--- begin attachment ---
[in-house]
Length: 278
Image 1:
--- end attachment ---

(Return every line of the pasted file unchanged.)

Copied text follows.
[in-house]
Length: 278
Image 1: